It happens to all of us at one time or another. We look at a favorite houseplant and notice all the leaves seem dead. Uh-oh. Usually this happens when a plant is grown outdoors all summer and then is taken inside. Or, it happens when you come back from a vacation. What to do?
My first step in such a situation is to determine if the plant is still alive and thus savable. I knock off all the dead leaves to see if there are any that still cling to it. Do these look like they might revive?
Then I check the soil to see if it is dry or if the plant is drowning. If it is dry, I water it to see if those clingy leaves can come back to life. If they do, I leave the plant alone for a few days to photosynthesize and help revive the plant.
If the soil is really damp, then the plant probably “drowned.” There is little you can do except hold off watering and making sure there is adequate drainage. Maybe a few of those remaining leaves will perk up and lead the rest of the plant to recovery.
If none of the leaves are alive, I snap a tip branch, or at least attempt to. If it doesn’t snap off there is hope the plant is still viable. I scratch a bit of bark off a branch to see if there is green underneath. If I don’t find any, I move further down the branch or find a new one to fool with. Lots of snapping and no green showing? Time to decide if the pot (and possibly the soil in it) is worth keeping after you toss the plant.
If you do find green growth under the bark, so to speak, your plant is probably salvageable. The science is pretty easy to understand. The plant will have to take up nutrients from the soil in order to build new leaves. Give it some indirect light. There will be a limited amount of photosynthesis which will produce the energy the plant needs.
The plant drips out root exudates and the “poop loop” of the soil food web begins to operate. The bacteria and fungi that use the exudates for carbon are eaten by nematodes and protozoa which “poop out” what they don’t need. This is plant food in useable form, and the plant takes it up.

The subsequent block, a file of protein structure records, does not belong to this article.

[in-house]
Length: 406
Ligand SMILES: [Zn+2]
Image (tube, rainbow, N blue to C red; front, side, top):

The rhizophagy cycle also goes into high gear. Some of the attracted bacteria move into the roots of the plant, fixing nitrogen and causing root hairs to form which are very thin-walled, making it easier for nutrients to move into the plant.
If the reviving plant is large or if it has lots and lots of bare branches except for a few leaves at the tips, then after these leaves do their thing for a few days to ensure some exudate production, trim the whole thing back. New leaves will appear and your plant will be much better off for the haircut. Pretty soon, a plant that is barely surviving operates as it should, growing new leaves and growth tips.
Of course, the trick is to prevent your plants from drying out in the first place. When you move a plant from outdoors to indoors, make the adjustment to the warmer indoor temperatures gradually. Move it first to a cool room or the garage and let it acclimate. This is sort of the reverse of hardening off. It should take a week or so and your plant should do fine.
If your plant was in bad shape because your house sitter neglected his or her duties, well, there is a remedy for that too. Obviously, leaving explicit instructions will help. So will an occasional text asking how the plants are doing!
Jeff’s Alaska Garden Calendar
Alaska Botanical Gardens: Check out the events and classes at www.alaskabg.org. On Nov. 25, all members are invited to preview and experience Anchorage’s best light display for free! You can join now before the event.
Thrips: ‘Tis the season. Cover soil with newspaper. Lighten up on watering.
Flies on windowsills: These flies sneak in creaks, live in the walls and in the spring go back out and lay eggs in worms! They are really harmless.
Snow: I told you to get a snow “stick” to knock heavy snow off hanging branches and bushes. If you didn’t, now you know. Go get something for the next storm.